What is Sourwood Forest?

It is the name I’ve given to a part of the woods on the property where I have lived with my husband Scott since 1992. Large Beech, various Oaks and White Pines form the highest canopy and a diversity of other beings make up the rest, from high above our heads to down deep into the forest floor duff. Sourwood Forest is the part of our woods where you’ll find a couple of meditation benches in places we love to visit from season to season. It is where we walk and wonder at how the forest is growing more engaging as it ages, where we recognize how fortunate we are that our property happens to be home to a diverse natural community of beings living and thriving because we don’t interfere. All logging stopped here in the late 1970s. The only trees felled in Sourwood Forest since then are the pines that are now part of our house. I named Sourwood Forest after the tree species who has become my favorite. Sourwoods are mid canopy species. They have subtle beauty to offer at every season, from their lovely bark, arching trunks, and delicate flower sprays to their glorious range of fall colors.

The Mission of Sourwood Forest is to encourage creative inquiry and artistic expression in connection with nature, but in a larger sense, it’s about helping people envision the changes humans must make in order for any of us to survive anywhere. Art, in the largest sense of the term, has always provided insight into a bigger picture. In this case, I’m hoping it can help nurture awareness that the human animal is part of nature. That understanding is key to our making wise choices as we live from day to day within the climate crisis and ecological peril that is our time.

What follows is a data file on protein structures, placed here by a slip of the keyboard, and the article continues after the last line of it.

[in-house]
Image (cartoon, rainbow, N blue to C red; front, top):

I am seeking a few creative people to come here each fall and spring to stay in the house for a week or two, spend time in Sourwood Forest, and translate their experiences into art, writing, scientific inquiry, or improving the well being of themselves and others. It is an experiment in the beginning stages, having started in May of 2022. And as more people come here, the forest will grow, change, and nurture the humans who spend time there.

Judy Strang and Grandmama Oak, May 2022

The first Sourwood Forest Residency took place in May 2022. During their time here, residents engage in art-making, reflection, and observation in the yard, gardens, and woods, a setting where humans are very much dwarfed by a diverse, thriving community of animals and plants. The Appalachian Trail, the James River, and hiking trails in the George Washington National Forest are also an easy drive away.

Housing is in the Strang home, built by Scott and made in part from logs harvested from the property. Or residents are welcome to camp in the field east of the house (which is part of the pasture for the four resident goats when residents aren’t here). The idea is for residents to spend time outdoors and in the forest as much as possible. Since recognizing nature’s relationship webs requires meeting nature on its own terms, there are few trails in the woods and landscaping is wild and diverse. Exploring may require bushwacking, and it may even lead to a deep sense of belonging.

The Covid epidemic was a time of great change everywhere, but mostly inside of us. Or at least me. I walked in the woods more often than I had ever done, and I also visited many parts of the George Washington National Forest because several 100+ year old tracts in the Pedlar River watershed had been slated for logging, and I wanted to say goodbye. I’d always wanted to protect our woods for the beings who will be living in the world after I’m gone. But the experience of saying goodbye to those “public” forests about to be “managed” by being logged made me even more committed to letting nature be in charge on our property. What I also witnessed in myself and those hiking with me was the value of simply spending time inside forests of a certain age and character. Old trees and the forests that support them have wisdom and presence, regardless of how big the trees there are or how beautiful. That’s why I want people to come to Sourwood Forest. We need to learn what forests teach.

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